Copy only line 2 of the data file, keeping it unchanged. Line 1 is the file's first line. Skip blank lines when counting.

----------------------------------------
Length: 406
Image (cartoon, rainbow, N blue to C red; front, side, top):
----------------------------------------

Image (cartoon, rainbow, N blue to C red; front, side, top):